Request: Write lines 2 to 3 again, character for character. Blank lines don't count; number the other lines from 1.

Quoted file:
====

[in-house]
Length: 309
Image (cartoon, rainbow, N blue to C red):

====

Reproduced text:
Length: 309
Image (cartoon, rainbow, N blue to C red):